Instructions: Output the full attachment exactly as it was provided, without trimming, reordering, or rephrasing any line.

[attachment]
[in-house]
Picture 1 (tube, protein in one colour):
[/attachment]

[in-house]
Picture 1 (tube, protein in one colour):